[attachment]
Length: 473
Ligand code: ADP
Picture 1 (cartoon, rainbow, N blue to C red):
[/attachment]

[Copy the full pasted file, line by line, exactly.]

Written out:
Length: 473
Ligand code: ADP
Picture 1 (cartoon, rainbow, N blue to C red):